Why I don't plan "gay weddings"
In light of many of my posts and Instagrams, the question I have been asked most often lately is "Do you plan gay weddings?"
It is typically followed with something along the lines of: Why isn't there a "gay wedding" section on your website? You should really let people know that you offer same-sex weddings... Have you ever thought of doing a blog about what makes a gay wedding different?
Before you read any further, let me warn you: My stance on this topic may offend you. It may rub you the wrong way. You may not like it, and I know that I might to get some flack from some members of the LGBT community. That's ok, I can take it. Just consider yourself warned and know that you have two choices: Put on your big girl (and boy) panties and hear me out, or skip this and read on to the next blog.
I don't plan "gay weddings" or "same-sex weddings". I do not market commitment ceremonies to lovely lesbian couples, transgendered brides/grooms, pre- or post- op lovers, cross dressers, drag queens, or any mix in between.
What I plan are weddings and celebrations for people in love. Sometimes, those people are two men. Sometimes, it's two women. Most of the time it's a traditional female bride and male groom, but no one holds that against them (insert cheeky wink-wink).
I plan interfaith weddings, interracial weddings, first weddings, second marriages, renewals of vows, and so on. I've helped people get married across the continents and brought friends and relatives together from all four corners of the earth, and intimate weddings with no more than a handful of guests. In all my years as a wedding planner, and through all of those weddings, I have never felt the need to single out any one particular group or pairing. I do not separate one couple from the rest based on any of the physical traits they bring into the their marriages. How strange would it look if I had an "Interracial Couples" page, or an "Interfaith Wedding" package. I can just see the outrage now! The hate mail and the names I would be called! The demands that I apologize, take sensitivity classes, and make amends to the community at large...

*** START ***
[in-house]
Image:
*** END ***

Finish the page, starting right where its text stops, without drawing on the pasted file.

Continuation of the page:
And yet in the very same breath I am asked, ne, expected! to segregate and separate my gay couples.
Having been deeply committed to, and an active member of, the LGBT community for many years, I have yet to have a friend or family member talk to me about their gay marriage. Or their gay car, their lesbian luncheon, or their same-sex Sunday paper. (Although I do have a cousin who recently endured having to file taxes as a gay, married woman...We can sidebar on that later.)
The point I am trying to make is this - It is in my opinion that calling attention to the gayness of a couple implies that their same-sex union is somehow different, or less than, or strange. And it is my believe that each and every couple that decides to celebrate their commitment wants the same thing - to love, to be loved in return, and to be embraced by all of those who witness their union.
Now that is not to say that our friends and family have not faced hurdles in the past, that they do not fight on a daily basis for their rights, and that their path has not been lined with experiences that the majority cannot understand. But my truth is...hey, that's life. We all have our paths and our own struggles. We all have baggage that we carry with us, memories both good and bad. Each person who approaches an alter and takes a vow brings to that moment a completely unique set of expectations and dreams. Each couple is celebrating something that no other couple could possibly understand, and it is with that belief in mind that I plan all weddings around the two people (not the two body parts) that are going to be meeting at that end of the aisle.
There are gay couples that are seeking gay wedding planners in Las Vegas and beyond to take their dreams and turn them into historical, ground breaking, beautiful realities. And to them I say, "Go forth and plan!" These couples (just like all couples) should seek and find the best wedding dream team that they can for them. In my experience, I have yet to meet a gay couple that was offended by my use of he term "Bride" or a lesbian couple that didn't like or accept that I work with "grooms". My gays just sort of move around all of that, only feeling the need to deal with planning a gay wedding when confronted with someone form the outside. It hasn't happened that often, and when it has we have taken it as an opportunity to educate, rather than a blatant act of homophobia.
I believe that the singling out of gay couples will happen less and less as time goes on...Making the need for blogs like this less and less likely.
But until then, a toast to marriage - It's so gay!